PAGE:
Wills, Trusts, Estates & Business Law Since 1879

Where there is a will there is a way


History of Gordon & Ashworth, P.C. By Brian A. Gordon

The practice of Gordon & Ashworth, P.C. has been in continual existence since 1879. The firm began as the Law Offices of William J. Smythe. The firm was originally located at the Penfield Building at 1328 Chestnut Street in Philadelphia. Original volumes of the Pennsylvania State Reports, stamped with the firm’s name, pre-date this period. Older files reveal that the firm practiced, much as it does today, in the areas of wills, trusts and estates, real estate and business law. Mr. Smythe was later joined in practice by James S. Ashworth of Drexel Hill, PA.

In the mid 1920’s, my grandfather, Samuel Gordon, the son of a painter and wallpaper hanger obtained a job with the firm as a legal secretary after attending Pierce Junior College at Broad and Pine Streets in Philadelphia. Samuel Gordon then studied law at Temple University Law School while continuing to work for the firm. Upon graduation, Samuel Gordon was invited to join Smythe and Ashworth in the practice of law.

Correspondence from firm archives shows the law firm was once named “The Law Offices of Ashworth and Gordon” after the names of its two principal attorneys. Upon the death of James S. Ashworth in 1934, Samuel Gordon succeeded to the practice.

A Bill of Sale dated December 1, 1935, between Samuel Gordon and Etta B. Ashworth, the widow of James S. Ashworth, records the transfer of “the contents of the law offices, No’s 315, 316, 317 and 318 Penfield Building, 1328 Chestnut Street, Philadelphia, including all books, office furniture, clocks, pictures and equipment of every kind, character and description . . . unto Samuel Gordon, his heirs, executors, administrators and assigns.” The clock, referred to in the Bill of Sale remains part of the firm today.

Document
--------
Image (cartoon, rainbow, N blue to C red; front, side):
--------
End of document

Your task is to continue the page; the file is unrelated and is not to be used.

Leonard B. Gordon, born August 4, 1921, joined his father in practice in 1948. His was the first graduation class of the University of Pennsylvania Law School after World War II. Leonard Gordon worked with his father for eight years from age 27 to age 35 until his father’s death in 1956. Leonard Gordon maintained an extremely successful practice over the next forty years. During that time he served as corporate counsel to Barthco International, Inc., a world-wide customs broker and freight forwarder. Leonard Gordon also served as counsel to Horizon House, Inc. a non-profit provider of group homes and other services to people with mental disabilities. Leonard’s work included significant contract and personal injury litigation as well as substantial pro bono matters in the area of civil rights and civil liberties. Leonard practiced law with other fine lawyers including Alan Kauffman, Michael J. Disette, Marvin Gould, and Michael J. McCaney.

In 1985 Leonard was joined in practice by his son William and in the Fall of 1987 I joined him in practice. Initially, I made a commitment to work with my father for two years. After two years, I discovered that that I enjoyed the range of work so much that I decided to stay. Since 1987 I have continued the work of the firm in the areas of drafting wills, trusts, estate administration, business law and litigation matters.

In 2005, after co-counseling several cases with Michael S. Durst, he agreed to serve in the capacity as “of counsel” to the firm. Michael Durst and I continue to carry on the firm’s tradition of providing dedicated and effective representation, complete fidelity to the client, attention to detail and obtaining excellent results.